Check out my latest mixtape: http://hannahj.ca/mixtape/09-2012/
It’s a little bit slow (110bpm), with an electro-pop dance party vibe and a sprinkle of darkness. Enjoy!
Designer. Walker. Gelato-aficionado.
There are many sides to Hannah Johnston, a Usability Interaction Designer at Google based in NYC. For the last two years, she has worked on Google’s Search UI, which is to say the face of Google. For instance, she designed several features of the new Knowledge Panel feature, which Hannah points out as being quite useful when you’re searching for things “like celebrities, or mountains”.
How did Hannah get to be a UI designer? Unlike Software Engineering, where you generally study in an undergrad CS or engineering program and maybe some grad school, there is no standard course of study for UI Designers. In Hannah’s case, she started out at Carleton University in her hometown of Ottawa, Canada studying Industrial Design. But in her words: “I got sick of designing furniture”. In between school years, Hannah worked for Virtual Ventures, a computer camp hosted by Carleton that has produced a surprising number of Google’s senior engineers. “I found that I really liked what I was working on at the camp”. Around that time, Hannah ran into a high school friend at Carleton who was studying in the Bachelor of Information Technology program. “The stuff she was studying was pretty much what I was doing in my spare time for fun”. So she made the switch. Having found her calling, she ended up winning the Governor General’s medal, the award for the
top student in each program, and went on to complete her Master’s “on the design and development of customizable game elements for a massively multiplayer online, dance-based exergame”. As part of her degree, she and a classmate made a walking, talking pony, pictured here.
Having been prodded by her over-bearing older Tech Lady sister to apply to Google, Hannah did an internship in Google News UI in New York the summer before she completed her master’s. While she had considered teaching at university until that point, the Google experience convinced her to try out industry for a while. In addition to shaping the UI that hundreds of millions of Google Search users interact with every day, Hannah contributes to Google’s fun social culture with the “art + gelato” campaign that she co-organizes. This is surprising given that Hannah has a self-described reputation as a hardcore introvert. “I could give a TED talk on Exiting Gracefully 101”. She also maintains balance in her life by walking to work (6 miles, every day!) and occasionally writing her blog How to be a Grownup (like a Pro). She is also an amateur DJ, producing monthly mixtapes of new (and some old) music she’s been listening to lately. Her mixes have been declared by my boyfriend’s certified hipster borther as “cool”.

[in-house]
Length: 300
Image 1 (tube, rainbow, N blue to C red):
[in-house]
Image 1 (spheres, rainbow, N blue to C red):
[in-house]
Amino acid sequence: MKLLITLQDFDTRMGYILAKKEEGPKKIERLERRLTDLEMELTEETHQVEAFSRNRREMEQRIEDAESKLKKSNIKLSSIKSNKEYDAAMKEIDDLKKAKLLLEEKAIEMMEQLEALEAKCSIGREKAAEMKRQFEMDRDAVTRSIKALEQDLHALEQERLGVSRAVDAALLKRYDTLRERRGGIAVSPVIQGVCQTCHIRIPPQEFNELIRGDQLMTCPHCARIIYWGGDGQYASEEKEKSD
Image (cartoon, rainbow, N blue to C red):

In spite of her shy tendencies, she emphasizes the importance of networking, but doing it in a way that works for you. “7pm cocktail hours are death”, she says. Instead, she finds other ways: “When I meet someone, I ask what they’re doing – it’s an easy conversation starter”. While Hannah doesn’t think that this is something that women need to do differently from men, it’s important that they don’t shy away from networking even if it makes you uncomfortable. In particular, she points out that you shouldn’t avoid talking to someone just because what they’re doing looks hard. “I also email people who are doing cool things – some will get back to you, some won’t, but I’ve made some good contacts this way”. Unlike software engineering, with its glaring gender disparity, the women:men ratio in design is around 2:3 by Hannah’s estimates. However, like in software engineering, the disparity grows dramatically as you move up the ranks, highlighting the importance of professional networks for women.
What’s playing at Hannah’s dance party? “Some embarrassing stuff, like Biggie Smalls”, but if she has to pick one song, it’s The Look by Metronomy.
It’s a very hipster dance party, apparently.
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